ENGLEWOOD — When Englewood’s new open-enrollment high school opens next year, it will be the neighborhood’s first high school focusing on early college science, technology, engineering and math (STEM).
Chicago Public Schools announced the curriculum focus on Tuesday, along with the selection of Conrad Timbers-Ausar as school principal.
The estimated $85 million school, which does not yet have a name, is scheduled to open in fall 2019 with a freshman-only class. The school intends to add a new class of students every year until grades 9 through 12 are serviced beginning in school year 2022-23.
The school will be built where the now-shuttered Paul Robeson High School currently stands at 6835 S. Normal Blvd. Three other high schools, TEAM Englewood Community Academy High School, Harper High School and John Hope Academy are being “phased out” over the next three years due to low enrollment and poor student performance, the district previously announced.
The district said it would partner with Kennedy-King College and an unnamed “industry leader” to develop a curriculum for students interested in pursuing careers in science and technology.
The incoming three-story school will include a school-based medical center where both students and community members will have access, an outdoor sports facility and multipurpose educational spaces.
“The new high school in Englewood will provide our students with the 21st century STEM education they deserve,” Ald. Roderick Sawyer (6th) said in a statement.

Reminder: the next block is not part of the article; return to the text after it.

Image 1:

The steering committee that worked to drum up community support and get student and parent feedback for the new high school also selected Timbers-Ausar as principal, CPS said in a news release.
Timbers-Ausar served as principal for Urban Prep Bronzeville for two years. Prior to that, he was the founding principal of Ombudsman West and Ombudsman South schools, option schools that worked with students who had previously dropped out or needed extra support.
“I am extremely excited about the opportunity to serve as the founding instructional leader of Englewood’s new STEM high school,” Timbers-Ausar said in a statement. “It is an opportunity to really impact lives and prepare our students for success in college and careers of the future.”
CPS CEO Janice Jackson said in a statement the district is “thrilled” to bring Englewood students a school that will “rival the city’s best.”
“CPS is committed to providing high quality academic programs to every neighborhood, and we can’t wait to welcome Englewood families to their brand new, 21st Century high school next fall,” Jackson said.